Forget that “be all you can be” malarkey. This here new U.S. Army knows how to attract recruits and keep ’em: auto racing, hookers, beer, and smokes. Generous helpings of the four basic food groups of the 17-to-24 male demographic are all heaped together in Central Asia as we prepare to bomb and occupy a sizable portion of oil-rich desert halfway around the world.

In preparation, NASCAR, the National Hot Rod Association, and the American Power Boat Association Drivers sent racing celebrities including Geoff Bodine, Tony Schumacher, and Jerry Nadeau, draped with the all-American banners of Winston and Budweiser, to visit U.S. troops in Afghanistan and Kyrgyzstan over the recent New Year’s holiday.

Nadeau, in fact, will run under the army’s colors on the NASCAR Winston Cup circuit this year. If William Proxmire were still in the Senate, he’d be so busy handing out Golden Fleece Awards for government waste that he wouldn’t have time to do anything else. Sports plays a big role in building a modern-day colonial force. The U.S. military plans to spend at least $28 million this year just in NASCAR sponsorship programs—yeah, helping profit-making entities race their cars. And that’s just a tiny part of the military’s huge recruiting budget. During 2001, the Department of Defense spent $2.17 billion on recruiting. Yes, $159.2 million of it was spent on college funds for the troops, but $254.9 million was spent just on advertising.

Without a draft, it’s such a tough job finding enough people to join the army. Luckily there are thousands of people 17 to 24 years old who have little future but flipping burgers and practically no chance at a job that has security or a pension. For them, the military’s really attractive, especially if you throw cars and chicks into the mix.

“We had to change a bit and develop a brand, because we didn’t have brand recognition,” General Dennis Cavin, chief of the army’s recruiting command, told the Sports Business Journal. “What we had was product recognition. That wasn’t enough.”

Spoken like a true MacArthur. So army recruiters will be trackside during all NASCAR events this year, and the SBJ reports that they’ll be plunking down NASCAR show cars, adorned in the army’s black and gold colors, in high school parking lots around the country to scare up fresh meat. Hell, man, any army that can sponsor a car that looks that good deserves to colonize the world, right?

Meanwhile, our boys currently overseas in places like Bishkek, the capital of Kyrgyzstan, are scarin’ up some meat of their own. They’re not just getting visits from race-car drivers. Bishkek has a thriving red-light district now, thanks to a nearby U.S. military base. (See Mondo Washington, page 34.) Our boys have got to kill time, too, you know.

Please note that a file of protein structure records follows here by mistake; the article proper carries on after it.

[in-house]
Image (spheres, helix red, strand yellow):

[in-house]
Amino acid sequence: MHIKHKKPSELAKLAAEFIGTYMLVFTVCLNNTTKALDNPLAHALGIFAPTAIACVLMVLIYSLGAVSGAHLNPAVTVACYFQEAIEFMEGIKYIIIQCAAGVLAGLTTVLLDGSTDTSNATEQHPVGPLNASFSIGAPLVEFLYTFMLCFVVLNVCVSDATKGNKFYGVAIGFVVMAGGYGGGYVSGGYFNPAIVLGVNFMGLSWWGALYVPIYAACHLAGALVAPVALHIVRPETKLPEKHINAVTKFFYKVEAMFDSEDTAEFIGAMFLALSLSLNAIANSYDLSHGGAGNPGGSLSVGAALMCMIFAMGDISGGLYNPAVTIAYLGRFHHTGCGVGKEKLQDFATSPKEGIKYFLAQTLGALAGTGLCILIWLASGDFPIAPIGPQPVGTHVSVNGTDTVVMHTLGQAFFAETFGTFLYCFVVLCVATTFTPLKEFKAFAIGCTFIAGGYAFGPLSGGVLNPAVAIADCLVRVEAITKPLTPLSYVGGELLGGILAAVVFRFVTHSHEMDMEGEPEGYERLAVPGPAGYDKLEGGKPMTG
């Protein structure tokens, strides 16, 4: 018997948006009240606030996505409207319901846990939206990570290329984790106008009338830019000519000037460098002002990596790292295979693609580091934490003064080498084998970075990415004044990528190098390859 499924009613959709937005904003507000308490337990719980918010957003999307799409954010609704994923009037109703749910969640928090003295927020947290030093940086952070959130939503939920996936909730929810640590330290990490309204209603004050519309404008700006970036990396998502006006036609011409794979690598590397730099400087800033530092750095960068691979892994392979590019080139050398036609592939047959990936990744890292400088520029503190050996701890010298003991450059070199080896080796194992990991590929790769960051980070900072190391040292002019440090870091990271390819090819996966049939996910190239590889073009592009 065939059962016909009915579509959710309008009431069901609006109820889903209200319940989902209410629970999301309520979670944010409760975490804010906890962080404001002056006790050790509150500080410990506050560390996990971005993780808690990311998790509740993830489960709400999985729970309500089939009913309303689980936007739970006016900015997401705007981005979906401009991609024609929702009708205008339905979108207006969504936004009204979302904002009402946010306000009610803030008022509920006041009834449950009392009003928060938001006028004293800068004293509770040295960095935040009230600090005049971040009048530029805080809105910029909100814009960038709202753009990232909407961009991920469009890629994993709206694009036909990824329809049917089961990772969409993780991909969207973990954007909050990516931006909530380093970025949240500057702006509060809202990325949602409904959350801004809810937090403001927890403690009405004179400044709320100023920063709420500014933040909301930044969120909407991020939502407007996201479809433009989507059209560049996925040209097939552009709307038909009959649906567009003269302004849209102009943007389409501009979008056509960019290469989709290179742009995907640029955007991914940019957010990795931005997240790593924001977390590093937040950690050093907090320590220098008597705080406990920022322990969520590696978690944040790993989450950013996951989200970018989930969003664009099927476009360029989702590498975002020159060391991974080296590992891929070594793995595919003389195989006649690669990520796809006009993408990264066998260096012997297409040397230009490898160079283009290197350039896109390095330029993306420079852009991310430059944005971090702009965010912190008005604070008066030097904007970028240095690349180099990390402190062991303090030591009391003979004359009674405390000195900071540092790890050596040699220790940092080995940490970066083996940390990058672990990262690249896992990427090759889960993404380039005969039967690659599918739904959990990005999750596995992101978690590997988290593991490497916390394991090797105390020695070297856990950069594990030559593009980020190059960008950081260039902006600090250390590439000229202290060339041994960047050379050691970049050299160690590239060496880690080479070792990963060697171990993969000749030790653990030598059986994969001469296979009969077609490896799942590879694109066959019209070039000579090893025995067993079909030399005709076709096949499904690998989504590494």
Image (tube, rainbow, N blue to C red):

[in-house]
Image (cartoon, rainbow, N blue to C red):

Let’s see: Winston’s the official cigarette of NASCAR, Budweiser’s the official beer, Jack Links are the official meat snack, and Waste Management Inc. is the official nontoxic waste-removal service. So why not have NASCAR’s official army spread our culture to other nations? —Ward Harkavy


Guess those nutty rumors were true after all. David Cone is making a comeback—as a Met. Last Thursday, his former team (1987-92) offered the 40-year-old a minor-league contract, with $550,000 as base pay if he beats the spring-training competition for a spot. Despite previous denials, the Amazin’s jumped at the possibility of filling their fifth-starter vacancy, or gaining a long reliever, on the cheap. Close pals Al Leiter (“It’s a no-brainer!”) and John Franco (“The New York fans love him”) enthused; a peeved George Steinbrenner, who hired Cone last season as an analyst for YES, predictably groused (“I don’t know why he’d want to pitch”). But the big question is whether Cone—who last threw two years ago for Boston, going 9-7 with a 4.31 ERA—has anything left in a surgically patched right arm that’s logged 2881 innings already.

If the prankster adored by teammates everywhere (he once had a Chinese-food carton containing a turd delivered to the opposing dugout) makes the roster, expect good times ahead. The onetime Yankee features heavily in David Wells’s upcoming autobiography, as hardcore party animal (“The guy’s a monster, every bit the rabble-rousing, beer-drinking goofball that I am”), masterful starter (“The toughest son of a bitch I’ve ever played with”), and loyal friend (cue much girly crying together after their World Series win). And given Cone’s 2001 cameo on Saturday Night Live—in drag as a groupie who pesters Alfonso Soriano‘s fictional wife, played by Derek Jeter—perhaps he’ll make a return appearance between games at Shea. While Bomber GM Brian Cashman raves, “Never count David Cone out,” his counterpart in Queens, Steve Phillips, sounds more cautious, saying, “He’s a star who has an itch and wants it to be scratched.” Just how long the Mets will keep scratching remains to be seen. —J.Y. Yeh

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